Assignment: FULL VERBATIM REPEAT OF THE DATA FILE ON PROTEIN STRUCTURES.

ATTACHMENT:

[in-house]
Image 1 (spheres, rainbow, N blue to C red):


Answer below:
[in-house]
Image 1 (spheres, rainbow, N blue to C red):